Chani Waterhouse, chairwoman of the Doty Elementary School Board, also weighed in: “The efficiency study commissioned by the WCSU presents very preliminary findings,” Waterhouse stated in an email. ... We will receive more detailed information in March about potential cost savings associated with the findings. ... I look forward to discussing opportunities to increase efficiency at Doty in the future, to ensure that
Worcester’s taxpayer dollars are used wisely.”
Washington Central Supervisory Union, 2014 Efficiency Study, Phase I, December 3, 2014
Michael R. Deweese, Ed.D., Branch Schoolhouse Consulting, LLC

This 34-page report can be found on the WCSU website

Below is a listing of the 55 "Opportunities" identified

THEME 1: Governance & Board Structures

Opportunity 1    Expand the work of the WCSU Full Board.
Opportunity 2    Streamline goal setting process.
Opportunity 3    Reconsider the composition and work of the Executive Committee.
Opportunity 4    Audit local board agendas.
Opportunity 5    Strengthen board agendas and management meetings.
Opportunity 6    Assert clear purpose for administrative reporting.
Opportunity 7    Remand educational issues to the administration.
Opportunity 8    Examine the responsibilities of board members as articulated in the "WCSU Roles and Responsibilities Manual for Administrators and Board Members."
Opportunity 9    Restructure principals' roles with board meetings.
Opportunity 10  Clarify accountability chains.
Opportunity 11  Make principals' responsibilities current.
Opportunity 12  Adopt an administrative compensation schedule.
Opportunity 13  Revisit the necessity for a governance role on the employment of central office administrators.
Opportunity 14  Annually subscribe to codes of ethics and protocols.
Opportunity 15  Delegate acceptance of all grants to the superintendent.
Opportunity 16  Reduce WCSU's and U-32 policy committees to one.
Opportunity 17  Establish common policies.
Opportunity 18  Remand responsibility for procedures to the superintendent.
Opportunity 19  Edit board presence on the schools' web sites.

THEME II: Operations

Opportunity 20  Audit the current district financial software
Opportunity 21  Examine the work-flow of the purchasing structure.
Opportunity 22  Enable electronic inter-agency payments.
Opportunity 23  Rethink principals' contract terms.
Opportunity 24  Consider the effects of principals managing contracts and vendors.
Opportunity 25  Use common bidding approaches
Opportunity 26  Know when to go "off" the state bid list.
Opportunity 27  Authorize bill payments in advance of warrants.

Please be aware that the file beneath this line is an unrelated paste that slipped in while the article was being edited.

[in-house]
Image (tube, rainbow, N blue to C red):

Opportunity 28  Reconsider purchasing and accounts payable practices.
Opportunity 29  Administratively re-norm formatting of financial statements.

Centralized Services

Opportunity 30  Design a shared services model for property services / maintenance / building and grounds functions.
Opportunity 31  Utilize the purchasing power of Vermont's FMDA
Opportunity 32  Consolidate food service functions.
Opportunity 33  Employ the "School Nurse Leader" school health services delivery model.
Opportunity 34  Restructure the student transportation system.

Collective Bargaining
Opportunity 35  Consider the impact of collective bargaining agreements on instructional leadership.
Opportunity 36  Use electronic payments required for all employee reimbursements.
Opportunity 37  Require direct deposit for payroll.

Human Resources

Opportunity 38  Consider the effects of limited human resources staffing at the WCSU office, and the related effect on principals' time.
Opportunity 39  Consider Information Technology and Human Resources as departments for joint agreements with the other supervisory union(s).
Opportunity 40  Install technology-based substitute management and human resource systems.
Opportunity 41  Share elementary schools' professional development in situ.
Opportunity 42  Use remote technology to make curriculum development more cost effective.
Opportunity 43  Enforce pre-paid or reimbursed professional development costs more strictly.

Special Education

Opportunity 44  Redeploy some education specialists through central assignments.
Opportunity 45  Continue to build on alternative student placement opportunities through regional collaborative ventures.
Opportunity 46  Assess the currency of the U-#32 special education services delivery model.


Opportunity 47  Standardize technology training.
Opportunity 48  Set design parameters for schools' web sites.
Opportunity 49  Switch traditional phone service to VoIP.

THEME III: Structural Opportunities

Opportunity 50  Reconfigure grades and schools.
Opportunity 51  Expand rights of transfer within the teachers' and ESP collective bargaining agreements.
Opportunity 52  Make alternative work years or schedules non-elective.
Opportunity 53  Provide more clarity on work day definitions.
Opportunity 54  Evaluate the school calendar.
Opportunity 55  Monitor U-32 Policy G16: Class (Section) Size.